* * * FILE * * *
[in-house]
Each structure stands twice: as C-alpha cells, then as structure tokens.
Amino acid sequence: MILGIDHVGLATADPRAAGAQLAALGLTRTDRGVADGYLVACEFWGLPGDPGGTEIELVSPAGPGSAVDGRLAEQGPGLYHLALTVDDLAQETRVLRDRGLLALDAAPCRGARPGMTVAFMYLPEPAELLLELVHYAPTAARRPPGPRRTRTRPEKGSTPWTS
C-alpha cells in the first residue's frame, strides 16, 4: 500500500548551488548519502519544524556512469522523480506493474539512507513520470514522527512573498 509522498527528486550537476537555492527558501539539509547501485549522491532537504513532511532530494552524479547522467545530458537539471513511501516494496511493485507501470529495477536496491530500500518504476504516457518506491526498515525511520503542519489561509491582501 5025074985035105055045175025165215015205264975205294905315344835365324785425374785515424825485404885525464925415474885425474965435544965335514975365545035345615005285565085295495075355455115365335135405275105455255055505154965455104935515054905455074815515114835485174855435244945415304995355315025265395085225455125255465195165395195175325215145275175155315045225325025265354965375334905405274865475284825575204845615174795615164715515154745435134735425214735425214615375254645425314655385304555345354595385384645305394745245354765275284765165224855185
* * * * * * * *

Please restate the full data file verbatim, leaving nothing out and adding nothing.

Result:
[in-house]
Each structure stands twice: as C-alpha cells, then as structure tokens.
Amino acid sequence: MILGIDHVGLATADPRAAGAQLAALGLTRTDRGVADGYLVACEFWGLPGDPGGTEIELVSPAGPGSAVDGRLAEQGPGLYHLALTVDDLAQETRVLRDRGLLALDAAPCRGARPGMTVAFMYLPEPAELLLELVHYAPTAARRPPGPRRTRTRPEKGSTPWTS
C-alpha cells in the first residue's frame, strides 16, 4: 500500500548551488548519502519544524556512469522523480506493474539512507513520470514522527512573498 509522498527528486550537476537555492527558501539539509547501485549522491532537504513532511532530494552524479547522467545530458537539471513511501516494496511493485507501470529495477536496491530500500518504476504516457518506491526498515525511520503542519489561509491582501 5025074985035105055045175025165215015205264975205294905315344835365324785425374785515424825485404885525464925415474885425474965435544965335514975365545035345615005285565085295495075355455115365335135405275105455255055505154965455104935515054905455074815515114835485174855435244945415304995355315025265395085225455125255465195165395195175325215145275175155315045225325025265354965375334905405274865475284825575204845615174795615164715515154745435134735425214735425214615375254645425314655385304555345354595385384645305394745245354765275284765165224855185